The origin of the cream tea is often disputed (Cornwall, we’re looking at you!) but for the most part, according to local historians, it would seem that the act of adding jam and cream to bread seems to have originated right her in Devon, at Tavistock Abbey during the 11th century. The cream tea we know and love today is, of course, a little different to those enjoyed back then, nowadays it’s a simple combination of a freshly baked, warm scone, sumptuous clotted cream, and tangy fruity jam, traditionally strawberry, and a steaming pot of tea.
Both Devon and the neighbouring county of Cornwall are renowned for their cream teas and over the years it has become somewhat a rite of passage when you visit either county. The argument over whether or not cream should be added first or jam has divided the two West Country holiday spots for years. As for us here in South Devon, it is always cream first, but quite frankly, as long as you’re enjoying it, we don’t think there’s much need for debate!
Cream tea refers to the practice of having tea with scones and clotted cream. A truly British practice coming out of the afternoon teas, or high teas, made popular by the Duchess of Bedford in the early 1800’s. The practice of afternoon tea became extremely popular by the mid-1800’s, even spreading to the United States.
What is Cream Tea?
Afternoon tea became popular at the same time that the railroad expanded in London. Londoners would get on the train and spend the weekend along the southern coast of England. It was in the West Country of England, which encompasses Devon, Cornwall, Dorset, Somerset, that brought the term “cream tea” into the British lexicon. The local restaurants and pubs catering to the weekend tourists turned “afternoon tea” into “cream tea”.
This area of England was and still is well known for its lamb, beef and cheese production. Their use of fresh, local ingredients in the pubs and restaurants for the food and at afternoon teas, created huge demand, especially for the clotted cream, which is best described as whipped cream meets butter. Keeping in mind that refrigeration had not come along yet, clotted cream would have been a true treat on your holidays. It does not keep for more than a few days, even in modern refrigeration, so if you can imagine having something like that in a time where nothing like it existed, you can understand why it was so popular!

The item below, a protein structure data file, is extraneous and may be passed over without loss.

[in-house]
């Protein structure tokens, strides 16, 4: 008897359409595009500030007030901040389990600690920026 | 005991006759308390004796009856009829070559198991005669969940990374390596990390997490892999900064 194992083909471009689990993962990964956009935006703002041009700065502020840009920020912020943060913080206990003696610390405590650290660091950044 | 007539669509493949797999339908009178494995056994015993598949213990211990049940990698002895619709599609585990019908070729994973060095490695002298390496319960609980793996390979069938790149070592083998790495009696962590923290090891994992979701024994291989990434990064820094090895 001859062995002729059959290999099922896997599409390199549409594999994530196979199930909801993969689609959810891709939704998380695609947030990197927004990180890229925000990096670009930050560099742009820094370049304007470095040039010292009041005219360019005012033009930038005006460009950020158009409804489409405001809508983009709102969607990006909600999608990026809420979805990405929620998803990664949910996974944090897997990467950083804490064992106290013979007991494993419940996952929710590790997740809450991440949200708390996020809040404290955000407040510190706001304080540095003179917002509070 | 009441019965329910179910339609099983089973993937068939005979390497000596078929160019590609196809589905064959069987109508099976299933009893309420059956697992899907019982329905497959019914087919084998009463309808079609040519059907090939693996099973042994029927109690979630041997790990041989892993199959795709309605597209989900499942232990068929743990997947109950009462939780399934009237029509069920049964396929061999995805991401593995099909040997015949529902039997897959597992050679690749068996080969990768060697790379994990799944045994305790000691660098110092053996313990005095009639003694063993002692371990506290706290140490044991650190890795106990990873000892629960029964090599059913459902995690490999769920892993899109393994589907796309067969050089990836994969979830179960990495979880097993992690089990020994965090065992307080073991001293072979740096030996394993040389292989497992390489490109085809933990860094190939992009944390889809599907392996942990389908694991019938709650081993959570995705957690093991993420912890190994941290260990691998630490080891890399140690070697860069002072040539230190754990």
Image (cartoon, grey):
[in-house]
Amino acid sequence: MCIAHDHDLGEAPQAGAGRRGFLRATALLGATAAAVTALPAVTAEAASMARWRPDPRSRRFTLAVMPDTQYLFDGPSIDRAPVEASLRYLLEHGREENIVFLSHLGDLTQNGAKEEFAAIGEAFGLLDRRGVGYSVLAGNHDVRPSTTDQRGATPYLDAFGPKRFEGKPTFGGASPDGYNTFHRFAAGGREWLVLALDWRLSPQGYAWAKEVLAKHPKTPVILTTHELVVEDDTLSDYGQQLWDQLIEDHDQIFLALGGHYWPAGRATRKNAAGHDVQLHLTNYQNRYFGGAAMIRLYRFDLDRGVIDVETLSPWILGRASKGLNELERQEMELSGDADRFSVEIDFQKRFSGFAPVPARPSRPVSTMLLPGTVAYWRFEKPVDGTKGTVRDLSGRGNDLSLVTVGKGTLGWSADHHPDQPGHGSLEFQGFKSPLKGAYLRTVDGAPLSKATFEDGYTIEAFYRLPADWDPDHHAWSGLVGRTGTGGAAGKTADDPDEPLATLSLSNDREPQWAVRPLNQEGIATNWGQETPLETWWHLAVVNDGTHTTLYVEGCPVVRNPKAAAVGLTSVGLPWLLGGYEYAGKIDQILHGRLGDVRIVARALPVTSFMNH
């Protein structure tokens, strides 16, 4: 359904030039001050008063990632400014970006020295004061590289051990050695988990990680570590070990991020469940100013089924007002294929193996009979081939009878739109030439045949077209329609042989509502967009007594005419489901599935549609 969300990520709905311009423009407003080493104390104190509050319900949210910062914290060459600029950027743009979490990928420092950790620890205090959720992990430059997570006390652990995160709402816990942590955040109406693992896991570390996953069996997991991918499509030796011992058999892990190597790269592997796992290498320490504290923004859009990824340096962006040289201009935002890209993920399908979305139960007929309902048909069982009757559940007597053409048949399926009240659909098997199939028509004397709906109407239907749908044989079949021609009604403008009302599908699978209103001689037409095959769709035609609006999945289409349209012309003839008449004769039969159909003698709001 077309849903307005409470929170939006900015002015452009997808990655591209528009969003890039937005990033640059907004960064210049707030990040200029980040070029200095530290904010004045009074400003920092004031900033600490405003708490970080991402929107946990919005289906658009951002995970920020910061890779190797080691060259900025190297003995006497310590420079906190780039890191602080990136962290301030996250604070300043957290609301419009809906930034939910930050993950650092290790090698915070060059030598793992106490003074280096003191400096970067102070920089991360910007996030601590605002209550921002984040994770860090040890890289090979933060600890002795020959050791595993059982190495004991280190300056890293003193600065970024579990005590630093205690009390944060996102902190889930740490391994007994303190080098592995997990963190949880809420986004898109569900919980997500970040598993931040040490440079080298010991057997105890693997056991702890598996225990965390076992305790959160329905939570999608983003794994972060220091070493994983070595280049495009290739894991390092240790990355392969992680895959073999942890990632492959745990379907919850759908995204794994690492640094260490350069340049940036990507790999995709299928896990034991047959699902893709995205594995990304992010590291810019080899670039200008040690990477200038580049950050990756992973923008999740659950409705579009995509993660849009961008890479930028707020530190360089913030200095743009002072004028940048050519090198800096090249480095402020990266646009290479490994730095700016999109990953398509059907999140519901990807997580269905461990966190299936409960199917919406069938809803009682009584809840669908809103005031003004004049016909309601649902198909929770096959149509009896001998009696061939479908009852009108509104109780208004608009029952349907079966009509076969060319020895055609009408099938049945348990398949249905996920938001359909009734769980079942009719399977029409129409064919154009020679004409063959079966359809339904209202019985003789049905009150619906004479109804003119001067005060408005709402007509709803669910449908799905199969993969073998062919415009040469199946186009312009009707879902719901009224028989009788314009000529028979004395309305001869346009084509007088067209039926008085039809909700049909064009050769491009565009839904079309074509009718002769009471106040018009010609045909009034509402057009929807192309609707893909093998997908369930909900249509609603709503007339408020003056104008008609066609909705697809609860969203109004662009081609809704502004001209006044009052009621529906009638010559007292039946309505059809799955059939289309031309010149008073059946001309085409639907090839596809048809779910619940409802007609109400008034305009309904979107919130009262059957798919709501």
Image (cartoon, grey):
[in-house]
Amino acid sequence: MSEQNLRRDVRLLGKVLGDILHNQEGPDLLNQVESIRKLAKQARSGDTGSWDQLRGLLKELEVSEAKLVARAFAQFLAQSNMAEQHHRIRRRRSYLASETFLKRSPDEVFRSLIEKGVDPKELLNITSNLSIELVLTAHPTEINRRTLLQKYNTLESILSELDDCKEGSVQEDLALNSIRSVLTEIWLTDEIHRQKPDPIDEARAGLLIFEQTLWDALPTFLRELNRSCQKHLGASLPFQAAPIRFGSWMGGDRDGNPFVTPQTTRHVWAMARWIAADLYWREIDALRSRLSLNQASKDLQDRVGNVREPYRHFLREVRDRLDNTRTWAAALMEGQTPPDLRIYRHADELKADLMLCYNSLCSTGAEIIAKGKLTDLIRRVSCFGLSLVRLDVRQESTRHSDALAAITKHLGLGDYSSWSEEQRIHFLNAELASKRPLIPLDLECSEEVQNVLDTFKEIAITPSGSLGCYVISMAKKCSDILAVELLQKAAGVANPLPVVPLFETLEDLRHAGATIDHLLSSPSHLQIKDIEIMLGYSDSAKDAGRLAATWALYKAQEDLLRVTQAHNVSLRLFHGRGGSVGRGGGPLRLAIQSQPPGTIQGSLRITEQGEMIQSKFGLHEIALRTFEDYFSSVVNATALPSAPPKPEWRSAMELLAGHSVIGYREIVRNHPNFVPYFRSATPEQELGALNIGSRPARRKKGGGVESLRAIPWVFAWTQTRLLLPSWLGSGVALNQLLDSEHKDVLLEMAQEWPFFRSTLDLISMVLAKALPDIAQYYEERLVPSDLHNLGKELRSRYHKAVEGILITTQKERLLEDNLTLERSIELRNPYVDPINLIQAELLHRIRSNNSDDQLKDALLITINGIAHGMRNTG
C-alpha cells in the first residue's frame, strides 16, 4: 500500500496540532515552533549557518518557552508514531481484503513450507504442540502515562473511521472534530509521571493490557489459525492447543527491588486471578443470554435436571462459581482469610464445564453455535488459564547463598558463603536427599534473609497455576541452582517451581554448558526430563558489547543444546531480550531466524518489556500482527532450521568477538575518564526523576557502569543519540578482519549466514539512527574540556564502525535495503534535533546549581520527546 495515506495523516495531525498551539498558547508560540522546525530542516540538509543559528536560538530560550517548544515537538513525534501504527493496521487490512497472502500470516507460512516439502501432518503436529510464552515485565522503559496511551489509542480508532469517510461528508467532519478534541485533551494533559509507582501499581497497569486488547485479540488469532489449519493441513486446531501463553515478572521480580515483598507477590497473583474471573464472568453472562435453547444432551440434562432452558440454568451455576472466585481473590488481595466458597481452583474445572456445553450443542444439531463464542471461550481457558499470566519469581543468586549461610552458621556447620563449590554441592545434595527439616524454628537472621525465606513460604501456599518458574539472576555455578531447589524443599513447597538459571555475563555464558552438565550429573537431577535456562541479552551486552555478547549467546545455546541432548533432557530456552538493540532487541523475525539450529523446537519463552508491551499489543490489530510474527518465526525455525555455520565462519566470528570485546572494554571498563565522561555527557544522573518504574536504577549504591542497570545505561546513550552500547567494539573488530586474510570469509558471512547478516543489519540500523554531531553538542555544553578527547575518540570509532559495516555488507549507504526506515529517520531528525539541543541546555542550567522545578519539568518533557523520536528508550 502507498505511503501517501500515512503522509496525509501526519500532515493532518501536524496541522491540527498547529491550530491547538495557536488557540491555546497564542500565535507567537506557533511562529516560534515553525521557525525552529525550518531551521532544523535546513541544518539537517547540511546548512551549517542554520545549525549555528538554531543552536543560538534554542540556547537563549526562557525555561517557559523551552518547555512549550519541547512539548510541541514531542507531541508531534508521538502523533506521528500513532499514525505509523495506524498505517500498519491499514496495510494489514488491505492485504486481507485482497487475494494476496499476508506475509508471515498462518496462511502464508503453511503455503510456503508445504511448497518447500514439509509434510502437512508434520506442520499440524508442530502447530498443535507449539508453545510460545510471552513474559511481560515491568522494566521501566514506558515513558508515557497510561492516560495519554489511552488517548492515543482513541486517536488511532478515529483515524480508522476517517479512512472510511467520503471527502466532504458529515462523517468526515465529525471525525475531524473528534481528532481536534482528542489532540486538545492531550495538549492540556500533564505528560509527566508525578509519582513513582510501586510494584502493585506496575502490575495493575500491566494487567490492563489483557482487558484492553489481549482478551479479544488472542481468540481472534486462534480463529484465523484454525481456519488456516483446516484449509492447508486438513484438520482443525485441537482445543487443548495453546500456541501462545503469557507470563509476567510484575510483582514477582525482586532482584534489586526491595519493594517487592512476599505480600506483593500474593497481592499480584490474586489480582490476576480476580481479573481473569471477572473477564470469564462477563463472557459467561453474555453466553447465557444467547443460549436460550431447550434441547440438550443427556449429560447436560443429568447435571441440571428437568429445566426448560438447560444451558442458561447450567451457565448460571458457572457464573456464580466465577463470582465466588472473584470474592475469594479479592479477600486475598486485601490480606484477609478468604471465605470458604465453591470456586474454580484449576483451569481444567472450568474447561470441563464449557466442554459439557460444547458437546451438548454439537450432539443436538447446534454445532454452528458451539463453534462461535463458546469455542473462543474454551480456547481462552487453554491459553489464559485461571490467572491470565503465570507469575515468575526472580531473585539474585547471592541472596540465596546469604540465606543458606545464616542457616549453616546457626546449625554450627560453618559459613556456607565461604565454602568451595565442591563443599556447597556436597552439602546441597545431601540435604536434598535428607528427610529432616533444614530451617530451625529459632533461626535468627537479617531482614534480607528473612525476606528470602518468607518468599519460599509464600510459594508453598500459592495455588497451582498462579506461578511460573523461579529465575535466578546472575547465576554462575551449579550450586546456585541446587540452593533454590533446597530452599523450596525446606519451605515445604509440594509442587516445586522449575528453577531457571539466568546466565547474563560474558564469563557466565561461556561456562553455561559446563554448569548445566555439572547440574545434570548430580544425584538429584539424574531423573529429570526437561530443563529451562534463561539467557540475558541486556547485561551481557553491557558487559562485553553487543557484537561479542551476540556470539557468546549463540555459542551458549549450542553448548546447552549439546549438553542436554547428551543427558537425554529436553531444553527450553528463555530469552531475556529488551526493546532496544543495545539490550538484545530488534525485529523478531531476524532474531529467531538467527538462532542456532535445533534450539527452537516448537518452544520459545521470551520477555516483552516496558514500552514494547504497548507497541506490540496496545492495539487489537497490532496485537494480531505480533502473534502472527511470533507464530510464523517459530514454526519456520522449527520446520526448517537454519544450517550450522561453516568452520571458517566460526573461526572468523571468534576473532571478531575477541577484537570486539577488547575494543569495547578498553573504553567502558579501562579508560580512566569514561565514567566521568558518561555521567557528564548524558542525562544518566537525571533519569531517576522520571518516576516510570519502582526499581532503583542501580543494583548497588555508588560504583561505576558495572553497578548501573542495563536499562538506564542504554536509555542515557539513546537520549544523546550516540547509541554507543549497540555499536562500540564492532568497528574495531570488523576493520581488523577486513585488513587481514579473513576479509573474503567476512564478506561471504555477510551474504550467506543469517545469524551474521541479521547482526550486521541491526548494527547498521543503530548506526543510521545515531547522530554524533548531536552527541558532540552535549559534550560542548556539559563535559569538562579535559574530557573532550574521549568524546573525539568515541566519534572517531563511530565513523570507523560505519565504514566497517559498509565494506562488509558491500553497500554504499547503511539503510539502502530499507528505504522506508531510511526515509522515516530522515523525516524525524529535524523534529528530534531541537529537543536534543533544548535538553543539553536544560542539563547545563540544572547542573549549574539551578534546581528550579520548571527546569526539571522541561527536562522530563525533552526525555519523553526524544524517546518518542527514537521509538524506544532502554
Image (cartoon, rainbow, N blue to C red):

Modern Cream Tea
Cream tea is still alive and well in the West Country of England. There are even debates on whose clotted cream is better, Devon or Cornwall. So, if you should ever find yourself on the southern coast of England, stop into the tea shops and enjoy the original clotted cream to see what you think!
Cream Tea in Devon
For those looking for an all-out feast of this sort when you’re visiting South Devon, afternoon tea could be the perfect indulgence. Not to be confused with a regular cream tea, the afternoon tea is said to have been introduced in England during the mid-19th century by a Duchess of Bedford when she requested bread, butter, cake, and tea at around 4 o’clock in the afternoon. From here it became more of an event and by the 1880’s upper-class women would dress up to enjoy their afternoon luxury. These days, afternoon tea is widely enjoyed across the UK, but of course here in Devon, we do it best!
From themed teas to traditional, ones that look too good to eat, to the little more unusual; you can be sure to find some finger sandwiches, scones, treats and maybe a glass of fizz or two for you and your loved ones to enjoy.